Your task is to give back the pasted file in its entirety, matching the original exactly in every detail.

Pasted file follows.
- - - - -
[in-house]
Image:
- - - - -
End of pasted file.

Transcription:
[in-house]
Image: